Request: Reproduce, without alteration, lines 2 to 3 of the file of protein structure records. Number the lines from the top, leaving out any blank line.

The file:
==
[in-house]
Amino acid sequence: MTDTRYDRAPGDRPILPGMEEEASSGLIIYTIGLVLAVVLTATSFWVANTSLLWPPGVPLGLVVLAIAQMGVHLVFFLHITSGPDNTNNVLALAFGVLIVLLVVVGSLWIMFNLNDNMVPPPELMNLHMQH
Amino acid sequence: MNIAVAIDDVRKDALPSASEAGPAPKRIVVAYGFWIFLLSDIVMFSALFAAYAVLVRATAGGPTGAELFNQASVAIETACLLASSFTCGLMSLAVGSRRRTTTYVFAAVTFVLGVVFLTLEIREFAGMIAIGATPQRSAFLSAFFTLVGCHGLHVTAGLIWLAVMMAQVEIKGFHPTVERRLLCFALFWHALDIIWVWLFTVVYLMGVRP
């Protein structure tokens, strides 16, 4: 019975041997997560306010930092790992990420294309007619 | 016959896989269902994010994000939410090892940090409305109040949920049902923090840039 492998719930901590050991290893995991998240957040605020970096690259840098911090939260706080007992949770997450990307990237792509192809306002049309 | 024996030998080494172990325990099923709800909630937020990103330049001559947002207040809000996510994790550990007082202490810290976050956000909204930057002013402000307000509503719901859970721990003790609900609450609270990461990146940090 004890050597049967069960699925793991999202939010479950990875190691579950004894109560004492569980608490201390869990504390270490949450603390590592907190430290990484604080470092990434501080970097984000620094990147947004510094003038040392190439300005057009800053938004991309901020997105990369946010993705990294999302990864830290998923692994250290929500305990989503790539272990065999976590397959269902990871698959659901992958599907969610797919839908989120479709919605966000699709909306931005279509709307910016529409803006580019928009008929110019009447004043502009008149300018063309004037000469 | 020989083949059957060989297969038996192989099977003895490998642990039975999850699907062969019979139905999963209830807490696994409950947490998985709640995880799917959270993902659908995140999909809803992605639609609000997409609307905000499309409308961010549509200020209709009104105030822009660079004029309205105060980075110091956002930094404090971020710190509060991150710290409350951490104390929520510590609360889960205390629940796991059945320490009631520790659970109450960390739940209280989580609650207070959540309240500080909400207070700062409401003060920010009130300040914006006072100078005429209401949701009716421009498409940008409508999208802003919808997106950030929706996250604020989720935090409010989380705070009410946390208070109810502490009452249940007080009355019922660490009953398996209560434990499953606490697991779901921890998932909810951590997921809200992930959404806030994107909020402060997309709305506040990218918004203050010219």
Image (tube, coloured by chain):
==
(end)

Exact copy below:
Amino acid sequence: MTDTRYDRAPGDRPILPGMEEEASSGLIIYTIGLVLAVVLTATSFWVANTSLLWPPGVPLGLVVLAIAQMGVHLVFFLHITSGPDNTNNVLALAFGVLIVLLVVVGSLWIMFNLNDNMVPPPELMNLHMQH
Amino acid sequence: MNIAVAIDDVRKDALPSASEAGPAPKRIVVAYGFWIFLLSDIVMFSALFAAYAVLVRATAGGPTGAELFNQASVAIETACLLASSFTCGLMSLAVGSRRRTTTYVFAAVTFVLGVVFLTLEIREFAGMIAIGATPQRSAFLSAFFTLVGCHGLHVTAGLIWLAVMMAQVEIKGFHPTVERRLLCFALFWHALDIIWVWLFTVVYLMGVRP